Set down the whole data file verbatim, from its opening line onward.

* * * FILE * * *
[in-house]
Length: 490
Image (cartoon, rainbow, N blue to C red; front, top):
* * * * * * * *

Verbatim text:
[in-house]
Length: 490
Image (cartoon, rainbow, N blue to C red; front, top):